Golf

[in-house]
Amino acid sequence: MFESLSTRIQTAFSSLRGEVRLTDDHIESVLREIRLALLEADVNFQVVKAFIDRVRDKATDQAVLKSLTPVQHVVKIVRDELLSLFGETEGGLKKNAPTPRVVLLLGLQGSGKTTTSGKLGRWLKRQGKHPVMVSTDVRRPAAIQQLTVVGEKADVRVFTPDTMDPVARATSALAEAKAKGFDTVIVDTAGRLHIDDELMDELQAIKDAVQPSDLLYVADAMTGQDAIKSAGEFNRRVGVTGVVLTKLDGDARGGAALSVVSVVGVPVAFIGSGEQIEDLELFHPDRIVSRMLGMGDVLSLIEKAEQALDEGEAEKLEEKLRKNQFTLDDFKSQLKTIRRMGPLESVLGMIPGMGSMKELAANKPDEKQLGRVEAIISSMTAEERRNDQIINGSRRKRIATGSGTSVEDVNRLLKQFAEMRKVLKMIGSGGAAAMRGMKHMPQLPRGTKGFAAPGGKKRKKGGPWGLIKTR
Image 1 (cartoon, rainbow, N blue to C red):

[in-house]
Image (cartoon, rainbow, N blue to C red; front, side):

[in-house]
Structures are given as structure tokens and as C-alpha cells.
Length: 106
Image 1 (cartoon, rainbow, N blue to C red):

British Open woes may have shifted Tiger into gear